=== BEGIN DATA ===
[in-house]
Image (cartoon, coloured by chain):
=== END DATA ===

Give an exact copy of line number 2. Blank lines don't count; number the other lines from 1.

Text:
Image (cartoon, coloured by chain):